Minnesota synagogue builds an ice rink — and inaugurates it with a klezmer skate

JTA — A low forecast of -16 degrees Fahrenheit (-9 Celsius) in the Twin Cities on Thursday was all set for two frozen Jewish firsts — a Klezmer on Ice festival and a synagogue-run skating rink.

Such is life in Minnesota, where bone-chilling temperatures are no match for Jewish festivities.

Rabbi Markus Rubenstein of Temple of Aaron in St. Paul said, “It shows us a Minnesota-style of thinking about winter, where just because it’s cold outside, you don’t have to stop doing everything.”

“I used to be a rabbi in New York. They said you couldn’t hold any big events in the winter because if it snowed, no one would come,” Rubenstein said. “But [here] Sometimes there will be 6, 7 inches and -5, -10 degrees of snow, and you tell everyone to come outside. I mean people from the 80s, 90s for little kids. And they just put on their coats and go out and have fun.”

Aaron’s Temple, a Conservative congregation of about 700 families, is inviting families to bundle up and what Rubenstein believes is the first skating rink on a synagogue property. The rink, which can accommodate about 30 people at a time, was built by Joel Pepper and is being maintained by “Ice Captains” – members of the synagogue who clear it of ice and remove any excess ice. Are.

On Thursday, skaters at the rink heard the Klezmer festival’s kickoff performance, which featured Jewelya, a hybrid klezmer and New Orleans jazz band with Rubenstein playing trumpet.

But music will be piped in from inside the synagogue — a concession, Rubenstein and others involved with the festival said, to the cold.

Rabbi Markus Rubenstein of Aaron’s Temple tests out his synagogue’s new ice rink. (courtesy of Markus Rubenstein)

Last week, musicians promoting Klezmer on Ice faced some technical challenges with a pre-festival performance along Lake Harriet, the (usually frozen) body of water in the heart of Minneapolis. Anticipating colder temperatures, the musicians planned to play from a lakeside booth decorated like a boom box as part of a pop-art initiative called Art Shanti. But there was a wrinkle.

Josh Rosard, an organizer of Klezmer on Ice, said, “We should have had a sousaphone player who by the time he got his heavy big brass instrument in the box, the valves were frozen so he couldn’t play”. The performance continued without the sousaphone.

It’s not just brass instruments that are vulnerable to cold snaps. Strings and woodwinds can quickly become out of tune in the cold, as the metal contracts and the wood begins to warp. The clarinet and violin, staples of the Eastern European Jewish musical genre, just can’t take it.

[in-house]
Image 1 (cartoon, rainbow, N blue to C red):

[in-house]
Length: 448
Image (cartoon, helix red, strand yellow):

This is why most Klezmer on Ice events will take place indoors – which includes not just the Temple of Aaron. The week-long festival’s line-up includes local and national artists Sarina Partridge, Tziporah Johnson, Izzy Buckner, Klazmommies and the band Midwood. There will also be a cabaret variety show; klezmer-infused Shabbat services; and a bright havdlah Celebration.

Rossard said he saw the event as a breakout moment for the Twin Cities’ klezmer scene and, given the strong track record of long-running klezmer festivals spawning new acts, an opportunity.

“I’m really excited about what the community players in particular will get out of the workshops and excited to see what might come out of this in the future,” said Rozard, who grew up casually playing the accordion. , but gained more serious involvement in the klezmer world during the pandemic. He met his Klezmer on Ice co-organizer, Jewish musician and folklorist Sarah Larsen, with whom he attended KlezCanada and the Portland Klezmer Festival.

The sun sets before klezmer on the opening night of the Ice Festival, which features free skate sessions at the Temple of Aaron’s Ice Rink. (courtesy of Markus Rubenstein)

Still, he admitted, “It’s a little tongue in cheek to do something like this in the middle of February in Minnesota.”

Rubenstein said his congregants are ready for it. The Temple of Aaron’s new ice rink will be open not only during the opening night of the Klezmer festival, but also most Saturdays for skating sessions after Shabbat morning services and Hebrew school classes are over.

If the activity is not exactly standard following the synagogue, it is perfectly permitted under the Orthodox movement’s interpretation of Jewish law. movement, of which Aaron’s Temple is a part, permit Non-competitive ice skating on Shabbat, as long as no Shabbat rules are violated (such as driving to and from the rink or paying to rent skates), and the skating takes place within the confines of an eruv, or Jewish legal enclosure inside which some items can be carried on Shabbat.

Rubenstein said he was thinking of the activity in different terms—as it relates to making Aaron’s Temple the centerpiece of the St. Paul Shabbat.

“The kids are ice skating anyway,” he said. “So why not ice skate in Shool and do it together with your Jewish friends, and build community that way?”

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